Of course only time will tell but I'm guessing there's a chance the CRF will beat or even blow the WRR or KLX away reliability wise. It's shorter which is better for Asians. Heavier is good for the roads (to a degree)... For those liking off road it'll be something fun they can do with their commuter vehicle.

    Since most Americans never see really high mileage numbers, bikes like the WRR or KLX are already in the super reliable category. But you have to think if your income was 10X smaller, bikes cost 2X as much and you really did do 20K km a year there is room for a category above the KLX/WRR reliability wise. And this is where the biggest buyers of motorcycles are. So for example you might expect:

    5,000 miles out of KTM 690 (but be ready for 2 or your just setting yourself up for disappointment! :lol3)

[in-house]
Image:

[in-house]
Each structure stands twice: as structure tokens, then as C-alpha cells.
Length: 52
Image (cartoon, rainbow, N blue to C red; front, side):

10,000 miles out of a KTM 525 EXC (yes despite what they're marketed as, you'll beat the 690)
    30,000 miles out of a WRR
    40,000 miles out of a KLX

    I have no idea how the CRF 250 will perform, I'm just saying there is room for a bike in the largest markets in the world to average 80-100,000 miles. Rental companies I talked to in Chiang Mai (I quizzed tons on reliability issues as they are probably the best source) said the Honda XR250 was far more reliable on average then the KLX250 (the 2 most popular dual sport rentals). I looked at the KLX odometers and was like, "but this one has 49k and this one 73k and this one 62k km!" I guess I just had a hard time believing another dual sport could beat that but the rental owners consistantly said the XR's did.

    I'm not meaning to minimize anyone's disapointment with the weight with this post! I was too when I saw that - I'm just offering a possible explanation as to why or more importantly where a bike like this would make sense.